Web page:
• Act locally. The moment has arrived for every state, community, organization, and profession to act. We need mobilization – nothing less.

It is not going to be easy work. As Dr Berwick points out, the “pace of change is majestic.” We now have the framework for health care improvement. Leadership will now not come from the top but will come from those of us in the trenches. Let’s get to work!

I was asked to prepare for a discussion on what the role of primary care in our Academic Health Center should be. This will happen tomorrow. I have spent the better of 2 days trying to decide exactly what that role is.

I’ve decided to begin with the definition that the American Academy of Family Physicians uses:

  • Primary care providers offer a wide range of services including diagnosis and treatment of acute and chronic illnesses, disease prevention services and patient education.
  • A primary care practice serves as the patient’s first point of entry into the health care system.
  • A primary care practice is the continuing access point for all needed health care services

I decided to start here because I don’t know that my bosses have ever thought of primary care as other than another service line.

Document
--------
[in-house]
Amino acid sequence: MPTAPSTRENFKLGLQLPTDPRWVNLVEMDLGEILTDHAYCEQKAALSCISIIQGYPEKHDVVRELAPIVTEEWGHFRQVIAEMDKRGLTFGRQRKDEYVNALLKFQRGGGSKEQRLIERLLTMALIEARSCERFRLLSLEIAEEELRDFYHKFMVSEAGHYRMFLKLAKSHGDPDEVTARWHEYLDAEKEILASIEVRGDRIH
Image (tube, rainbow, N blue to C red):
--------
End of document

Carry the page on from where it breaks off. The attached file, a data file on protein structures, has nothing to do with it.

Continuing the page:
I plan to emphasize the second bullet point. We, like many other Academic Health Centers, have not taken the role of the primary care doctor in “entry into the health center” seriously. That has resulted in under-utilization of some of our specialty services and when I have conversations about care delivery they tend to go along these lines:

Surgeon: Why don’t you send me more patients.

Me: Only so many people need their gallbladders out.

Surgeon: You need to work harder.

I plan to spend the bulk of my time, though. not on where we’ve been but on where we are going.

My plan is to make the following points and let the discussion ensue:

  • Although the Affordable Care Act (Obamacare to some in the audience) will increase the number of “covered lives” through the exchanges, increased Medicaid coverage, and allowing parents to keep their children on their insurance policy, there will be less money in health care in aggregate. There is no way we can justify spending over 17% of the gross domestic product on health care, especially given the outcomes the system produces.
  • The Affordable Care Act has made system based approaches workable. Accountable Care Organizations and other forms of shared savings are being developed thanks to changes in CMS and in particular the Center for Medicare and Medicaid Innovation
  • Good primary care decreases costs and improves care.  The way that primary care doctors are going to be paid is going to be different, though. We are not going to be paid on fee-for-service but instead on managing chronic illness and keeping people out of the hospital.